Some of College Park’s intersections along Route 1 are now safer and more efficient after the State Highway Administration changed traffic lights and pedestrian crossings at the end of August, Prince George’s County Councilwoman Dannielle Glaros said.

Glaros said her constituents in College Park and the neighboring areas reached out to her in fall 2016 and expressed concerns that the lights on Route 1 were not linked properly, causing drivers to wait at several different lights in the downtown stretch of the city.

In August, College Park Mayor Patrick Wojahn sent a letter to the SHA asking the state to sync all of the lights from Hotel Drive to Guilford Drive and add a new signal called the exclusive pedestrian option at Knox Road.

The option allows a period of time — in addition to normal crossing time — when traffic on all four sides of the intersection is stopped, allowing for pedestrians to cross in any direction safely.

[Read more: No pedestrians have died on Route 1 since speed cameras started operating 24/7]

“You have a town of college students who tend to try to walk no matter the signal, so I feel like if it’s going to be safer for pedestrians, it’s a good thing,” said Ryan Milley, a senior government and politics major.

In addition to the pedestrian option, the SHA removed the left-hand turn signal at the intersection of Knox Road and Route 1.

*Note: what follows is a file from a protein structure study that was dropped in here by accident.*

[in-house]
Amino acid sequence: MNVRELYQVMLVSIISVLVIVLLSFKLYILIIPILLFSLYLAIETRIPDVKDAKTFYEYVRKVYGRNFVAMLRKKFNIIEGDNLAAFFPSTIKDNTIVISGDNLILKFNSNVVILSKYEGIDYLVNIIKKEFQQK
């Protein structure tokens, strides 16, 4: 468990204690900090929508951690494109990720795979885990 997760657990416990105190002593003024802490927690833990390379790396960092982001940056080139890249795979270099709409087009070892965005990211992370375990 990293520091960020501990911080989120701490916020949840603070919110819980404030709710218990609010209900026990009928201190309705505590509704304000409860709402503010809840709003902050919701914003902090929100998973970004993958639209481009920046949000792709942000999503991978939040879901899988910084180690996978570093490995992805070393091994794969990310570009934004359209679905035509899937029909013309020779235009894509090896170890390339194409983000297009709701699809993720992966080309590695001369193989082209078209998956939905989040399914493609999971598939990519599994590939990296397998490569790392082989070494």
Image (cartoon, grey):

“Since the synchronization of the signals was out of whack, it caused some traffic and backups extending to more backups on Knox Road,” Wojahn said. “State Highway [Administration] recognized that they needed to change something in the intersection, and the only way to properly do that was to rid of the left-hand turn signal.”

By removing the turn signal, that intersection has become more efficient, Glaros said. Data collected shows the wait time at the Knox Road light decreased from an average of 153 seconds to 120 seconds.

[Read more: College Park is working on making crosswalks safer for bikers and pedestrians]

The adjustments to the intersections were done soon after Wojahn made the request on Aug. 8, but Glaros said the SHA repeatedly had to come back to tweak the new signals, making them fully functional by the first week of September.

“Traffic is now synchronized, and traffic on Route 1 should flow more smoothly,” Wojahn added.

Milley, who drives on Knox Road regularly, said he was not pleased by the lack of the turn signal.

“The no left turn signal by Nandos is really annoying because last semester it was there, and I feel like it made traffic by the College Park Shopping Center more smooth,” he said.

During SHA’s work on the traffic lights, they discovered that one light at the intersection of Campus Drive and Route 1 was not functioning properly because a squirrel chewed on a wire in the electrical box.

“Earlier this year and at the end of last year, there was some odd congestion happening at the left turn lane when you turn into campus. … That was related,” Glaros said. “So yes, that intersection was not functioning as intended.”

Despite the unforeseen circumstance and the several follow-up fixes SHA conducted on the lights in Route 1 intersections, the work is now complete, and Glaros said this project contributes to the development of downtown College Park.

“What we are always trying to do on Baltimore Ave. is frankly reclaim it as the heart of the boulevard that is going through the university and College Park,” she said. “How we synchronized those lights together, how we make sure people can walk more safely through the downtown, it’s all critically important.”